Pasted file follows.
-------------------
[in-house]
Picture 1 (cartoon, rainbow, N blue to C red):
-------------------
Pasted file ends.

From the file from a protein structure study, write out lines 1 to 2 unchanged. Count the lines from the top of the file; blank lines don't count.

[in-house]
Picture 1 (cartoon, rainbow, N blue to C red):